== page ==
Students from Social Work and Criminology rise to the Jerusalema dance challenge

Posted on November 27, 2020

This year, first-year students from the Department of Social Work and Criminology heeded President Ramaphosa’s call to participate in the Jerusalema challenge. They were encouraged to do so by their Criminology lecturer, Professor Booyens, who felt that it would be effective to keep the class connected during lockdown. ‘With no face-to-face lectures this year and feeling disconnected from my first-year students, I invited my KRM120 Criminology students to participate in a virtual Jerusalema challenge with me,’ she explained. 

The project is a product of the KRM120 class of 2020 and was produced by ChilliPanda Productions, a production house run by Ellie Kruger, one of the first-year criminology students. To comply with physical distancing rules, the challenge was performed virtually. Please click here to view the final production!

The Jerusalema challenge is a dance routine that involves a popular song by South African artists Master KG and Nomcebo Zikode. The song and dance routine have become closely associated with the COVID-19 pandemic and have an uplifting effect during the difficult times many are experiencing. In encouraging South African citizens to participate in the challenge, President Ramaphosa said: ‘There can be no better celebration of our South African-ness than joining the Jerusalema dance challenge, which has become a global phenomenon.’

The challenge not only celebrates South African popular culture, but also brings together people of diverse heritage to share a little joy in the face of the unknown. The Jerusalema challenge has connected the first-year criminology class of 2020 through song and dance, true to our South African culture. The new, virtual way of learning presented students with an unanticipated set of challenges and the Jerusalema project enabled the members of the KRM120 class to experience a sense of community despite the separation enforced by the pandemic. Precious Maphupha, one of the participants said: ‘It feels as if our first year was taken away from us because of COVID, and this challenge reminded us that UP is still a community, and that our big criminology group too is still a community. Individual students were able to contribute to creating a piece that celebrated their connectedness. The challenge fulfilled its intended purpose by connecting students with their peers, their lecturer and the University of Pretoria community at large.’


Lethuxolo Mathibela, who tutors first-year criminology students, felt compelled to participate in the challenge out of a sense of patriotism and to ‘blow off steam’ after a tumultuous year. According to her, her participation exposed students to the fun side of the academic staff and made them feel ‘comfortable enough to express their creativity’ and developing their own individual ‘free’ styles, as can be seen in the video.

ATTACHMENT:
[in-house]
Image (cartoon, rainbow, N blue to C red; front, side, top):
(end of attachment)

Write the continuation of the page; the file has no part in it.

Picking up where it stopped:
Happenstance played no role in the fact that the students wore matching outfits—they had in fact agreed to wear jeans and white T-shirts for a uniform appearance and to emphasise the theme of virtual solidarity and oneness with fellow classmates. Each video snippet takes us to a different settings as we move from living rooms to balconies and to the outdoors. In one video a dog even takes centre stage, merrily wagging its tail to the tune!


Viewers of the KRM 120 class’ video will discern two themes: First, it shows that life is meant to be shared, both passively and actively. In the passive sense, the KRM 120 class’ group effort can be posted on Instagram feeds and shared in the hashtags that go with the challenge, which is something the class and Prof Booyens would like to ask everyone to do as a first step! But from a more philosophical perspective, we need to actively share our lives with others. Another KRM 120 tutor, Natasha Chapman, confirmed this observation when she recalled the ‘overwhelming emotions and experiences’ of 2020 and how they ‘required people to support one another emotionally, financially and mentally’. The coming together of the class to dance their troubles away and engage with each other despite in the restrictions and challenges posed by the national lockdown was one way of sharing life with others in this active sense. The obstacles presented Chapman and many others with a perfect opportunity ‘to illustrate how innovative we can be with our interactions, going beyond the need of physical interactions, but still achieving the social element’. Whichever approach you prefer, we can hopefully all agree that life is better when it is shared, even if the sharing occurs virtually.


Let us all join in and participate in the Jerusalema dance challenge! Who’s next?  Click here to view the KRM120 video.

- Author Makone Maja and Palesa Mbonde

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